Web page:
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Mrs. Gillan: To ask the Secretary of State for Foreign and Commonwealth Affairs (1) what representations he has made to the UN on mediations between the Islamic Emirate of Afghanistan and opposition groups; 
Mr. Hain: [holding answers 8 January 2000]: We have frequent contacts with the UN Secretary-General's Personal Representative, Francesc Vendrell, and other members of the UN. We continue to underline our strong support for UN peace efforts in Afghanistan. We welcome the agreement brokered by Mr. Vendrell on 30 October in which the Taliban and Northern Alliance gave their written agreement to peace talks. We were disappointed, however, that the Taliban withdrew from this process in protest at the adoption of UN Security Council Resolution 1333 on 19 December. We urge both sides to co-operate with the UN and enter genuine peace negotiations for the sake of the long-suffering people of Afghanistan.
Mr. Hain [holding answer 8 January 2001]: We remain deeply concerned at the tragic situation in Afghanistan where years of warfare have had a devastating effect on the country as its people. We strongly support the UN's efforts to bring peace. We are particularly concerned that the Taliban continue to support terrorism, benefit from the drugs trade and violate human rights, especially those of women and girls. We support UNSCRs 1267/99 and 1333/00 which impose targeted sanctions on the Taliban because of their refusal to hand over to justice Osama Bin Laden and their continued support for international terrorism.
Mrs. Gillan: To ask the Secretary of State for Foreign and Commonwealth Affairs if he will make a statement on proposals being considered by the UN Security Council from Russia and the US to increase existing sanctions against the Taliban. 
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Mr. Hain [holding answer 8 January 2001]: Our High Commissioner in Islamabad met the senior Taliban representative to Pakistan on 10 November and 12 December. The High Commissioner underlined our strong concerns on Taliban support for terrorism and drugs trafficking, as well as their treatment of women and girls. On this last point, the High Commissioner said that the British Government regarded this as an affront to human rights. He urged the Taliban to reconsider their policy and, as a matter of urgency, rescind their edict banning Afghan women from working for international organisations. The High Commissioner also called on the Taliban to engage seriously in UN brokered peace talks.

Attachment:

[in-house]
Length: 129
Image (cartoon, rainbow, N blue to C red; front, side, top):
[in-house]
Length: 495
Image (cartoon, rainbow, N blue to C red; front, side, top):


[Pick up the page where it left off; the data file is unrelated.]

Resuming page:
Mr. Hain [holding answer 8 January 2001]: Our officials and I have raised Jason Pope's case with the governments of Angola, South Africa, Philippines, Zambia, Zimbabwe, Namibia, France, Cote d'Ivoire, Morocco and Libya, and those of the Troika of Observer States to the Lusaka Protocol peace process (Russia, US and Portugal). We have also raised the case with the UN, UNITA officials, NGOs (including the Angolan Red Cross, ICRC and UNHCR) and church groups (including the Vatican).
Mr. Battle [holding answer 8 January 2001]: Baroness Scotland, the Under-Secretary of State for Foreign and Commonwealth Affairs, last wrote to Jason's mother on 22 November 2000. On 18 December 2000, Jason's mother cancelled her meeting with Baroness Scotland which was due to take place the following day. Foreign Office officials remain in regular contact with the Pope family.
Mr. Ruane: To ask the Secretary of State for Foreign and Commonwealth Affairs what measures he has taken to co-ordinate policy on export licences with the Department of Trade and Industry; and if he will make a statement.